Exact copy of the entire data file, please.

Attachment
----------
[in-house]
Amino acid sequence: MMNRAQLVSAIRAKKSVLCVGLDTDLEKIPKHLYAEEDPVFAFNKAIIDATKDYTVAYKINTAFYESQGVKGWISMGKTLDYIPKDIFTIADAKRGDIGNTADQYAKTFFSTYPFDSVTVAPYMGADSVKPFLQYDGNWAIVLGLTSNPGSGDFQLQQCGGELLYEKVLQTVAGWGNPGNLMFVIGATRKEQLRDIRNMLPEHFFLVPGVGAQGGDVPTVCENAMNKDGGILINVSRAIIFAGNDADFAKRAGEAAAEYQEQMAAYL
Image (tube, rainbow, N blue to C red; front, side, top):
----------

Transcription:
[in-house]
Amino acid sequence: MMNRAQLVSAIRAKKSVLCVGLDTDLEKIPKHLYAEEDPVFAFNKAIIDATKDYTVAYKINTAFYESQGVKGWISMGKTLDYIPKDIFTIADAKRGDIGNTADQYAKTFFSTYPFDSVTVAPYMGADSVKPFLQYDGNWAIVLGLTSNPGSGDFQLQQCGGELLYEKVLQTVAGWGNPGNLMFVIGATRKEQLRDIRNMLPEHFFLVPGVGAQGGDVPTVCENAMNKDGGILINVSRAIIFAGNDADFAKRAGEAAAEYQEQMAAYL
Image (tube, rainbow, N blue to C red; front, side, top):